This is How Being Single is an Opportunity to Become a Better Person

Being single is expensive. When there’s no guy to go out to dinner with or have over on a Friday night after work, keeping free time interesting has to be big-scale awesome. Otherwise, your brain will encourage you to do bad things. Like, reaching for the nearest bottle of Merlot, putting on an old-school Mariah Carey CD and drowning your sorrows in numerous glasses of red whilst howling like a banshee to “Without You.” Try keeping that embarrassment from the neighbours. Trust me, no matter how much you innocently smile at them the next day, hoping they hadn’t heard you, they did, their pitiful expressions will show that and underneath that pity, they also think you’re a bit of a twat.

To avoid an ego-denting atrocity such as this, you must be prepared to make a sacrifice – to separate yourself from your bank balance. Sounds weird, but one thing I’ve learned about money is that there’s little point in having any if all you’re going to do is store it in a savings account forever, rubbernecking the number go up by £30 a year because your interest rate is the best around. What a waste of time! Anyway, after whittling many thousands of my own precious pounds on cars and crazy skincare regimes, I soon realised that superficial efforts are fruitless at filling the void. Which is why I’m here – to share with you a secret. And whilst some of what I’m about to tell you is still paired with off-key-ballad-bawling, the majority will be far more pleasing to the ear.

Prepare yourselves, ladies and gents – this is not an instantly gratifying revelation. Pretty dresses and nice-smelling aftershave may make you feel awesome for all of 5 seconds, but I’m in it for the long haul (no pun intended) So I apologise in advance for the fact that not only will you have to sit here and take time out to read this secret in full, but that once you know the answer, you’ll also have to put it into practice. And that, my dear single friends, will also take a while. But hey, time is all we have, and God only knows how long we’ll be left on the shelf for, so we may as well make it an interesting sit-down. Not that there’ll be much sitting down, mind you. The majority of time spent on this shelf, whilst gathering dust and getting increasingly more saggy and wrinkled, will be used wisely creating itineraries for adventures around the globe. As you may now realise, this is why the price tag of singledom in my world is pretty large. Fear not, though! Soon you’ll see that this is a way better alternative to wondering why your significant other has amnesia whenever it comes to putting the toilet seat down. Allow me to explain.

When I first lost my relationship status 3 years ago, I started my recovery with small things. I knew I’d have to tweak my daily life in order to get out of the rut I’d got stuck into. So, I racked my little brain on an hourly basis with novel ideas on how to achieve this. However, despite successfully investing in new music and rediscovering my love of horror films, I soon realised that there was math behind my efforts: You get out what you put in. Thus, if I only appeased myself with small pleasures, then no doubt they would only be short-lived. Another thing that’s interesting about this is that, whilst they’re short-lived, they also present little memory, too. Most of the time we’ll forget about that awesome mascara we “needed”, or the amazing pair of sparkly shoes we just “had to have”. But seldom can we forget what the cool air brushing our skin felt like whilst skiing down the Alps, or what went through our minds when we admired the night view of New York’s city skyline. Memories like that carry longevity, heart and soul, and they will irrevocably change your life.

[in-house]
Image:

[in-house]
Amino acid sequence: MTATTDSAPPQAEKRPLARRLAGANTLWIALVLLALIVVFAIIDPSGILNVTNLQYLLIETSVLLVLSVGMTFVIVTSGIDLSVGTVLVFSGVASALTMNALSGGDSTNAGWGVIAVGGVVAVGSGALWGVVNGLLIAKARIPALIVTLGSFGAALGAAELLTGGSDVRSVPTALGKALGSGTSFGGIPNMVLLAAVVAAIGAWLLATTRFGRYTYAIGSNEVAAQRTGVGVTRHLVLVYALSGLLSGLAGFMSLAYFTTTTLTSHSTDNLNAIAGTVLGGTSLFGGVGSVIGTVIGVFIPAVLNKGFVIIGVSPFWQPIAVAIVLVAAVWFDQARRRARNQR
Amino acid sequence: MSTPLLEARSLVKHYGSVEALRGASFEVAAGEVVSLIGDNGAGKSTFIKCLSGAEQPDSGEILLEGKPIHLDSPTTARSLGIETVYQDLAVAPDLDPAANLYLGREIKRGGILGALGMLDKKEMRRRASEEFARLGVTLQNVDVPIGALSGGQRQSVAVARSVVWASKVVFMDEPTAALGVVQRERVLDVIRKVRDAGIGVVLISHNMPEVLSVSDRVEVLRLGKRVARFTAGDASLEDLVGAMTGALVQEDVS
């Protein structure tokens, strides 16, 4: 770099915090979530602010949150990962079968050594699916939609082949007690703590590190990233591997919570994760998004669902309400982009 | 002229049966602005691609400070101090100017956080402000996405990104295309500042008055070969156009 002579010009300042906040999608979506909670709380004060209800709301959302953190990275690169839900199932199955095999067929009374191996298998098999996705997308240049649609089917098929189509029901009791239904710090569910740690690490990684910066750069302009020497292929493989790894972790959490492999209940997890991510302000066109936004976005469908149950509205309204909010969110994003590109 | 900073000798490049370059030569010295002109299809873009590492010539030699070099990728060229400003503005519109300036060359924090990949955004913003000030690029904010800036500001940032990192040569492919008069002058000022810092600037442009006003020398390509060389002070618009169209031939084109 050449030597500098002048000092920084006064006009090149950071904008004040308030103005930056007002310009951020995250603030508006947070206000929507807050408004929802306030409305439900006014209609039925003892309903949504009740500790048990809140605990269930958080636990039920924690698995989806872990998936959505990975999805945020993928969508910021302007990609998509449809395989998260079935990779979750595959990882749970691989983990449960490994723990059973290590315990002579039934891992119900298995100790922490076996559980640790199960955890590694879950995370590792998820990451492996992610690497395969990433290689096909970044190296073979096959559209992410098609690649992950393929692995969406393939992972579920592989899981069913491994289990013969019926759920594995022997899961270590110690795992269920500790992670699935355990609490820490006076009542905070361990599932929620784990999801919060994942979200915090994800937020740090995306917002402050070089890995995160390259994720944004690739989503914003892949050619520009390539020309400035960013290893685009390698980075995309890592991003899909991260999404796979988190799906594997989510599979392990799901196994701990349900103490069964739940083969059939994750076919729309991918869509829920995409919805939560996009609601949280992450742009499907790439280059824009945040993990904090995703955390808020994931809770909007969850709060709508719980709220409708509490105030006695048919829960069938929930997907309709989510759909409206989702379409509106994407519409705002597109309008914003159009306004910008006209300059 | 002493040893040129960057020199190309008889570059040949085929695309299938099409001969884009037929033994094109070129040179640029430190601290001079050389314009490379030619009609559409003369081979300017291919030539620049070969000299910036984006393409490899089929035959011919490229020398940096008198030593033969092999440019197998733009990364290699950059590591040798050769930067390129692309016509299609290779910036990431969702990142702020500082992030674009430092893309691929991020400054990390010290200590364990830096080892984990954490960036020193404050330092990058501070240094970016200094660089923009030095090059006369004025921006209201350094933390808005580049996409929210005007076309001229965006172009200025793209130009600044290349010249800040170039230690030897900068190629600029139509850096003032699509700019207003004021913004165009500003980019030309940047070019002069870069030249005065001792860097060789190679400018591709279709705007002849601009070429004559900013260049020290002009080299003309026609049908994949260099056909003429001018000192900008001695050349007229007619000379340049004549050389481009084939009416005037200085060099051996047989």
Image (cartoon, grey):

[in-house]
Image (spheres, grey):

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Ironically, it is through most of my aimless wandering that I actually found myself (see ‘Travel Saved My Life” for more) Many years prior to all my heartbreak, I only associated holidays with travel sickness, jetlag and disappointment. Plus, they were usually dominated by other people and I was simply expected to follow suit (being a sheep was not my thing) and eventually – after developing an aversion to these lacklustre trips and a ballsed-up circadian rhythm – I decided life was better on the ground. Crazy, right? To think back to a time when I thought going abroad was a waste of money sounds baffling! You’d never hear me say that now. Instead, you’d see me deliver a questionable glare to anyone who spoke such words. Funny how experiences can change a person. In a way, I suppose I should be grateful for my run of bad luck because otherwise, I’d have never discovered myself. Who else can hand such a statement to romance? In my eyes, love with another can only be found after you’ve found yourself, not before. Hence why my ode to exploring the world is entitled to such a hefty price-tag.

People who stay single for all of 5 minutes always worry me because I believe they’ve not gone on this vital journey. To become a better person, we must appreciate the world around us; the variety of cultures and customs. We must go through the pain in order to know we can survive it and how well we do that. We must surprise ourselves at what we’re capable of and become more secure in our skin. And most importantly, this journey must be ours and ours alone. Travelling may not be what tickles your fancy, but I can’t find anything else in my life of such magnitude that compares. So, before you decide to spend your pennies on a session of retail therapy, hoping it’ll put a smile back on that lowly mush of yours, know that it will, but not for long. My suggestion instead? Close your eyes, spin the globe and let your finger land on your next destination.

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